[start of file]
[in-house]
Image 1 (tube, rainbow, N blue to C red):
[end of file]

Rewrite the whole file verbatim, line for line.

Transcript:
[in-house]
Image 1 (tube, rainbow, N blue to C red):